I am very disappointed that the Sergeants Benevolent Association placed full-page ads in our daily newspapers that urged the chairperson of a national political party to choose a location other than New York City for the party’s 2016 national convention. My legislative record shows that I am a strong supporter of the men and women in the NYPD and the heroic work they do, which often takes place in very difficult circumstances. Yet I am troubled that this open letter, carrying with it the authority of those who have spent their lives dedicated to law enforcement, ignores important crime statistics, funding trends dating back to the previous administration, and the economic benefits that a convention would bring to New York City.
The letter says that shootings have increased 13% this year, which is certainly a troubling statistic. However, it fails to mention that homicides are down by nearly that exact amount and crime overall is down 3.6% since Mayor de Blasio has taken office.
The letter rightfully notes that the NYPD is understaffed, but it ignores the fact that funding limitations for the NYPD did not start on January 1, 2014. The number of officers on patrol has been going down for a number of years, dating back to the previous administration.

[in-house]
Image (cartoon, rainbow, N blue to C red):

Hosting a national convention would be a tremendous benefit to New York City. The last major political convention to be held in New York, which took place in 2004, added an estimated $255 million to the City’s economy, according to a press release from then-Mayor Bloomberg’s office. Four years ago, the convention created a net positive impact of $163 million for Charlotte, North Carolina, according to Tourism Economics, an economic think tank. There is no question that many New Yorkers stand to benefit if New York hosts the convention in 2016. The letter written by the Sergeants Benevolent Association urges an action that would likely cost the city over a quarter billion dollars.
While the President of the Sergeants Benevolent Association has every right to voice his opinion, he fails to mention more encouraging crime statistics under Mayor de Blasio and to recognize the significant economic benefits that a convention would bring. Urging the national party leaders not to hold a convention in Brooklyn is more than simply an attack on the Mayor’s policies. It is an attack on the entire City. I hope that the 2016 convention is held in Brooklyn. In fact, just as the last day of the 2008 convention was held in Denver’s Mile High Stadium instead of the smaller convention hall, I would also hope that the last day of the 2016 convention would be moved to an arena that can accommodate larger crowds, such as Yankee Stadium. I, for one, would welcome convention-goers to my home borough of the Bronx with open arms.